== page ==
Under the patent laws, an intellectual property owner has the right to control how others ‘make,’ ‘use,’ or ‘sell’ a patented invention. Under the trade secret laws, an intellectual property owner has the right to control how others ‘use’ the protected invention, unless the others develop their invention without access to the protected invention, or unless the protected invention no longer qualifies as secret. Under the trademark laws, a trademark owner has the right to control how products and services are associated with the owner’s trademark (e.g., I can’t associate my software program with the MICROSOFT mark unless I have a license from Microsoft to do so).

Most software lawyers will readily acknowledge that, while the copyright laws don’t provide the most intuitive intellectual property law vehicle to protect software programs, software programs fall under copyright. Because the copyright laws evolved out protecting (in rough order) literary, dramatic and musical works, then audio and audiovisual recordings (such as music recordings, radio broadcasts and movies), the application of copyright law principles to software can look a little odd. This is evident in the exclusive rights under the copyright laws. These exclusive rights are as follows:
  • The right to reproduce a work
  • The right to distribute a work (i.e., to provide a copy to a third party)
  • The right to display a work
  • The right to perform a work
  • The right to create derivative works of a work (i.e., in very general terms, to create modifications)
Surprisingly, many software licenses, especially forms pressed upon reluctant vendors by their customers, don’t address any of the exclusive rights under the copyright laws. They simply provide the licensee with the right to ‘use’ the software. This is all well and good to the extent the licensee needs rights under the software licensor’s trade secret and/or patent rights. But, it doesn’t do much in the way of specifying what rights the licensee has under the copyright law. For example, if I have a license to ‘use’ software, do I have a right to make modifications to the software?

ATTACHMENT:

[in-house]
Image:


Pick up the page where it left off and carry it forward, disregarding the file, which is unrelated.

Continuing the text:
Ideally, a software license will expressly address each of the necessary exclusive rights under the copyright law. For example, a typical license grant might state: ‘Vendor grants Customer the non-exclusive, non-transferable, worldwide right to make up to [####] copies of the Software, and to distribute such copies internally within Customer and install them on up to [####] personal computers owned or under the control of Customer. Vendor grants Customer the further right to create derivative works of those portions of the Software identified as ‘modifiable code’ in the Documentation. Vendor reserves all other rights.’

If the software is also protected by trade secret or patent rights, then the Vendor could also impose restrictions on use of the software, e.g., ‘Customer may use the Software solely for processing data related to the business of its [XYZ] division.’

Different rights may apply depending on different licensing models and technical architecture. For example, if the customer is acquiring rights to a cloud-based application that will make information available to the customer’s customers via web pages, then the customer would need a right to ‘display’ the web pages generated by the software.

In summary, since licenses are governed by the intellectual property laws, it’s important to give some consideration to which intellectual property laws apply, and whether the license correctly addresses each of the rights made available by the intellectual property laws. A simple license to ‘use’ software is a recipe for confusion if a dispute arises over the scope of the usage rights.